Amazon’s film The Report, written and directed by Scott Z. Burns, depicts the years-long process in which the Senate Intelligence Committee investigated the C.I.A.’s use of torture of detainees after September 11th.  The investigation was led by Daniel Jones, a staffer for Democratic Senator Diane Feinstein, who chaired the Senate Intelligence Committee.  Mr. Jones worked with a small team for six years on the report, which wound up totaling more than 6,700 pages.  The full unreacted report remains classified to this day, although a 535 page “Executive Summary” was released by Senator Feinstein and the Committee in December, 2014.  The film is partially based on the Vanity Fair article “Rorshach and Awe” by Katherine Eban.

The subject matter of The Report is very challenging.  The film’s first half contains several flashbacks that present instances of the C.I.A.’s “enhanced interrogation techniques,” which I found extremely difficult to watch, even though the scenes are brief.  On the other hand, the rest of the film mostly depicts subject matter that can be extremely dry.  Daniel Jones worked for years with a small team in a windowless room, reading e-mails and files and other documents.  That’s a hard subject matter to dramatize.  The sequences of committee hearings and political back-room conversations aren’t much easier!  Mr. Burns and his team had quite a challenge to weave this all into something compelling that could sustain an audience’s interest.

I am impressed by what they have done.

Now, be warned: The Report doesn’t have the momentum of a film like Spotlight.  Despite the best efforts of Mr. Burns and his terrific cast, I have to admit that there are portions of this very talky film in which I struggled somewhat to remain focused.  At the other end of the spectrum, as I’d noted above, there were sequences — the flashback to the C.I.A. interrogations — that were extremely unpleasant and tough to get through.

But the power of this incredibly important and relevant story shone through.  And the terrific cast was a huge factor in bringing this story to life successfully.  Adam Driver is fantastic in the lead role as Daniel Jones.  This is the least flashy role I have ever seen Mr. Driver play.  There’s not a single moment of the type of explosive energy that has characterized many of his best roles, from Adam in Girls to Kylo Ren in the Star Wars sequel trilogy.  This is a very internal performance.  Mr. Driver keeps all of his energy tightly bottled up.  And yet, his charisma shines through his stillness.  Daniel is like a coiled spring throughout the film, and that intensity blazing forth behind Mr. Driver’s eyes kept me, as a viewer, riveted … [continued]

Share on FacebookShare on Google+Tweet about this on TwitterEmail this to someone

Browse Josh's Portfolio and the Comic, Reviews or Blog archive.

Josh’s Guide to Watching Battlestar Galactica!

I hope you enjoyed my recent series, giving a step-by-step guide to watching (and falling in love with) Star Trek!  After getting to Deep Space Nine, my strong recommendation is that, rather than continuing with any of the mediocre series or movies that came after Deep Space Nine, you shift to a different show that, to me, is a perfect next step after watching DS9: the reimagined Battlestar Galactica!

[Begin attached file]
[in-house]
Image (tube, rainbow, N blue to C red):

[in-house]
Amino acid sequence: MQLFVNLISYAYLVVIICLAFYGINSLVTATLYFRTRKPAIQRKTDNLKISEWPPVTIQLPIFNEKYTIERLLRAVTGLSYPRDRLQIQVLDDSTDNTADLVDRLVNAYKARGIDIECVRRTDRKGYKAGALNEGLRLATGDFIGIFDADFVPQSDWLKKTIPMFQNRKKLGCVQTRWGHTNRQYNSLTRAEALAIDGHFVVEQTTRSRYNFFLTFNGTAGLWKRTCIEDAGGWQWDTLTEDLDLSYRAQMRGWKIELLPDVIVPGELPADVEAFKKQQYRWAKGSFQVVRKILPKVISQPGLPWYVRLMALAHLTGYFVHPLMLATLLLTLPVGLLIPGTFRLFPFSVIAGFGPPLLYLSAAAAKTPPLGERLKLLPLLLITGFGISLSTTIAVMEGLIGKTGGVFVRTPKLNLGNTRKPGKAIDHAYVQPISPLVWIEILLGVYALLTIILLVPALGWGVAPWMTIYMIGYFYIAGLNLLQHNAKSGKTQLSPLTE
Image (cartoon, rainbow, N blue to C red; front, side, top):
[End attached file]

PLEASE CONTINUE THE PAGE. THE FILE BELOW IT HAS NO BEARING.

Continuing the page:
The “reimagined” Battlestar Galactica was a reboot of the original Galactica series from 1978.  This new Galactica ran for four seasons on the Sci-Fi network between 2003-2009.  That show was created and overseen by Ronald D. Moore and David Eick.  Mr. Moore was one of the best writers from Star Trek The Next Generation and Deep Space Nine.  Battlestar Galactica was a huge leap forward in the types of stories that Trek had been developing through Next Gen and then DS9.  It’s much darker than Trek, and the episodes are much more tightly connected than Trek episodes ever were.  But it’s very cool to see how ideas (characters, themes, approaches to storytelling, etc.) that Mr. Moore and the other Trek writers were playing with were taken to the next level on this different series.

If you’ve followed my recommendations and watched and enjoyed Star Trek: Deep Space Nine, the end of DS9 will flow very smoothly for you into the start of Battlestar Galactica.  And, of course, the series completely stands on its own, so even if you’ve never seen ANY Star Trek, I highly recommend you give Battlestar Galactica a try!

I really love this show.  It’s one of my favorite sci-fi shows ever.  But, seriously, Battlestar Galactica is not just an amazing sci-fi show, it’s an amazing TV show, full stop.  Don’t let the title stand in your way!  If you like ambitious modern TV dramas, you will enjoy Battlestar Galactica!  As co-creator David Eick once famously put it: “we set out to make a space opera that would be appealing for people that hated fucking space operas.”  The series was included in Rolling Stone’s list of the 100 greatest TV shows of all time; Time Magazine called it one of the 10 best shows of the 2000s; Alan Sepinwall included a lengthy section on the show in his wonderful book How the Revolution was Televised, about groundbreaking dramas that changed TV forever; I could go on and on.

The series began with a two-part, three-hour mini-series (which is terrific), and then it ran for four seasons.

It’s all pretty fantastic!!  (I will be upfront that the fourth and final season is a bit wobblier than I wish it was.  That season … [continued]

Share on FacebookShare on Google+Tweet about this on TwitterEmail this to someone
MotionPicturesComics.com is a participant in the Amazon Services LLC Associates Program, an affiliate advertising program designed to provide a means for sites to earn advertising fees by advertising and linking to Amazon.com. Amazon and the Amazon logo are trademarks of Amazon.com, Inc., or its affiliates.

copyright joshua edelglass. all rights reserved. 2010-2020.